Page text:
Updated: May 8, 2022
Astaxanthin (3,3′-dihydroxy-ß,ß'-carotene-4,4′-dione) is an antioxidant in the Carotenoid family belonging to a sub-group called keto-carotenoids. Beta-carotenoids commonly found in carrots, tomatoes and pumpkins are another sub-category of carotenoids that most people would have heard about. Biological astaxanthin was first discovered in the body of lobsters and salmons. It can also be found in krill, shrimp, microalgae and yeast.
Astaxanthin can dock into the cellular membrane (the outer layer of every cell), same as vitamin E. It can cross the blood-brain barrier, which is one of the reasons why it is so interesting for research due to its potential neuroprotective effects on the brain.
The problem with obtaining astaxanthin in a therapeutic dose is that we would have to consume a huge amount of seafood. According to one study, "if people take 4 mg astaxanthin in daily consumption, they need to eat about 600 to 2000 g salmon or seafood every day" This could be expensive and potentially even toxic due to frequent contamination of seafood with heavy metals and persistent organic pollutants. And so the alternative way is to take it in a supplemental form.
Astaxanthin, Oxidative Stress & Cancer
Note to reader: This chapter is a bit technical & geeky. In case you are not interested in some of those technical details, please skip to "Astaxanthin & Sports Performance"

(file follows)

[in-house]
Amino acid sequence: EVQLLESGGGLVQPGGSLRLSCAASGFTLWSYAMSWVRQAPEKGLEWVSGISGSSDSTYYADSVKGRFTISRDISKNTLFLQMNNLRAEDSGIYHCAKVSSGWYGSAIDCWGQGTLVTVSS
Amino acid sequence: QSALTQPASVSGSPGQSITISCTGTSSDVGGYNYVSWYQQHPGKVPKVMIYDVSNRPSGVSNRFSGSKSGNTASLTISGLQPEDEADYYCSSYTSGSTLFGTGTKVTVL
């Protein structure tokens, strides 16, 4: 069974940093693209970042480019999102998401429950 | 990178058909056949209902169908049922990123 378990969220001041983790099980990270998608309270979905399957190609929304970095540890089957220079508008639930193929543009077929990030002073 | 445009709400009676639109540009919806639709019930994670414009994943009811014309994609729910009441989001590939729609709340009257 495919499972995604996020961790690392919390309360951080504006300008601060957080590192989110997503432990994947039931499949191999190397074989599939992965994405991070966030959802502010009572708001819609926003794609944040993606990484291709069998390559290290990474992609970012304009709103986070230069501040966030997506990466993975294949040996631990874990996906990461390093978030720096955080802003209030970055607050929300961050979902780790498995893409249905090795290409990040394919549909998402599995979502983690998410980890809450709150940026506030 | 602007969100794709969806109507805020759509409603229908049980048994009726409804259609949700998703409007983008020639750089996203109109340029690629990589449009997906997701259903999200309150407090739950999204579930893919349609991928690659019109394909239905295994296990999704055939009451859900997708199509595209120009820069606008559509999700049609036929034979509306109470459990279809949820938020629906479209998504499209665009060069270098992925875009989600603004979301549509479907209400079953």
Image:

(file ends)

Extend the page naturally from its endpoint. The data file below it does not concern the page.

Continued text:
Oxidative stress is one of the main contributors to the development of chronic disease. It is gradual, cumulative damage to tissues, cells and cellular DNA by molecules called the free radicals. Free radicals are a side product of normal metabolism and any basic body function, such as energy production. However, they are also a side product of chronic inflammation which is in the middle of every single systemic disease. When the amount of oxidative stress (or chronic inflammation) overwhelms the body's antioxidant defences, the disease develops and may potentially grow into something like cancer.
A large study (Faraone et al. 2020) has collected all available smaller studies on the effects of astaxanthin in-vitro and in-vivo on cancer tissue. Here are some of the incredible findings they found. (Remember these were not human studies)
Astaxanthin reduces the production of pro-inflammatory molecules called interleukins and eicosanoids. These may trigger systemic & persistent inflammation in the body.